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The House of the Scorpion

The House of the Scorpion

by Nancy Farmer

Water (Or Lack Thereof)

Symbolism, Imagery, Allegory

Water water everywhere! Or... not.

Water is a strong presence in this book, but for a weird reason. We notice it because in this world, it hardly seems to exist. Matt's adventures take place in desert climates, where water is often scarce. That lack of water makes for some dangerous places, like the boneyard. Let's read the narrator's description:

It was the strangest thing he'd ever seen. They came up a slight rise and looked out over a deep chasm. It was filled from side to side with bones. (30.14)

Not to mention, we learn that this area used to be a sea, which Matt realizes when he sees old shells scattered about. So the place where Matt almost meets his end is a place where many others, including sea creatures, have met theirs. He's thirsty, and so, we imagine, are all the others who died out there.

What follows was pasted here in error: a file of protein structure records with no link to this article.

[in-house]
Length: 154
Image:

Opium, too, is a grave for hundreds and hundreds of eejits, many of whom died of thirst in the fields. Matt sees this firsthand, when the narrator tells us, "The man we saw on the ground probably lagged behind the other workers and didn't hear the foreman tell them to stop. He might have worked all night, getting thirstier and thirstier" (8.72).

While Opium teems with the life of its flowers, it's really a barren wasteland, filled with death. This eejit dies of thirst, but not for a lack of water. After all, in a place where flowers grow, shouldn't water be abundant? Instead, he dies because of a lack of compassion, as no one ordered him to drink. It's a different kind of thirst, but it's a thirst nonetheless, right?

And finally, we can't forget about Matt's oasis – a place that flows freely with water, which makes it a unique place in Opium. It's a safe place, a free place, a hopeful place.

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